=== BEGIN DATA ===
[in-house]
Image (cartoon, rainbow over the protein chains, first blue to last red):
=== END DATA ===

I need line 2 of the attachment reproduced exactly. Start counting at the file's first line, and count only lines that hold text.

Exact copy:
Image (cartoon, rainbow over the protein chains, first blue to last red):